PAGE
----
Original Old School: A Man Called Horse
You thought Patrick Ewing was the first center to step out and shoot the jumper? You never saw Dan Issel.
While the current NBA players are fighting for their rights in the form of excruciating, seemingly never-ending lockout negotiations, we figured now was a great time to look back on some of history’s best hoopers. Up next: Hall of Famer Dan Issel. The feature below was originally published in SLAM 29 (October, 1998).—Ed.
by Alan Paul
Some guys just have to keep proving themselves. Take Dan Issel. The University of Kentucky’s all-time leading scorer, the 6-9 Issel averaged 33.9 ppg and 13.2 rpg his senior year to lead the Wildcats to a 27-2 record and the top of the regular-season polls. Still, NBA scouts considered his future shaky, dubbing him too short to be a center and too slow to be a forward. So when the ABA’s Kentucky Colonels offered him mad dollars to stay in the bluegrass state, Issel was more than happy to take the money.
Utilizing an ability to drive to the hoop and an accurate long-range jumper, Issel took the upstart league by storm, averaging 29.9 ppg and 13.2 rpg his rookie year of ’70-’71. Over the next five years, he averaged 25.6 ppg and 10.9 rpg and played a key role on the Colonels’ 75 championship squad—a team equal to any of its NBA contemporaries. Still, Issel’s doubters remained when the league folded in ’76 and his new team, the Denver Nuggets, was absorbed by the NBA.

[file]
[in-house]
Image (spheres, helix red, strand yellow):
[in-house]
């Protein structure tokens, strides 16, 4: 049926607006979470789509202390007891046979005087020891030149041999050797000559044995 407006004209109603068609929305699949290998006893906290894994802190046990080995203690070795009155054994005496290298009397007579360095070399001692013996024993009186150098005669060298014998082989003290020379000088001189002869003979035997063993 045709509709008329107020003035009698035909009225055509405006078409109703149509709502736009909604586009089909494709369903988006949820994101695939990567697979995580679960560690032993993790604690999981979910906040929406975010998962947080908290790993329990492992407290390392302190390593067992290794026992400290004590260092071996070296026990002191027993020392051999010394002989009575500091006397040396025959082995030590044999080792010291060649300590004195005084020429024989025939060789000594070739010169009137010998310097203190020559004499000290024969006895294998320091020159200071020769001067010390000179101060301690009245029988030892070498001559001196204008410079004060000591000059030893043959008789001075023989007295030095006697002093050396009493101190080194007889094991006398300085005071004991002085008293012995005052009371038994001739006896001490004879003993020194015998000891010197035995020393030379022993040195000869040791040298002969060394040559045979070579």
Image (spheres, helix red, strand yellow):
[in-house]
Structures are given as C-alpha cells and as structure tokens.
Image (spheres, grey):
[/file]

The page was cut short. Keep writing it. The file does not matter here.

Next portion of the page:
Playing for Doug Moe’s run-and-stun squads, Issel picked up right where he had left off, averaging 20.4 ppg and 7.9 rpg in a nine-year NBA career. When he retired in ’85, Issel’s combined ABA-NBA points totaled 27, 482, fourth highest at that point. He still ranks sixth, behind only Wilt, Kareem, Michael, Dr. J and Moses Malone, and just ahead of Oscar Robertson, John Havlicek and Dominique Wilkins. Issel may not have been as much fun to watch, but there was definitely a certain beauty to watching a man nicknamed “Horse” galloping around the court, flashing a toothless grin as he drained jumpers or scrapped for boards.
“He was a terrific pro center,” Moe said when Issel announced his retirement. “It’s true that he couldn’t jump, block shots or intimidate, but what he had done will rank him among the basketball greats.”
Issel’s stature was secured in ’93 when he was elected to the Basketball Hall of Fame. This off-season, he was named the Nuggets general manager. It’s a huge job, but keep your eyes open: no one’s made much money betting against Issel yet.
SLAM: You once said that anyone who saw you play in 10th grade would be shocked to find out you where in the Hall of Fame.
Issel: Yeah, that’s true. To say I was a late bloomer would be a major understatement. I never played early, and I really wasn’t good in high school until my senior year. When I was a freshman, I couldn’t make the freshman/sophomore team, and when I was a sophomore I couldn’t make the varsity. It wasn’t until very late in my high school career that it looked like I was going to be anything but a very ordinary player.